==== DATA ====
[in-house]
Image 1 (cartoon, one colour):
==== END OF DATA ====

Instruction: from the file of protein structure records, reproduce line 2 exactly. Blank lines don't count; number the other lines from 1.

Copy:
Image 1 (cartoon, one colour):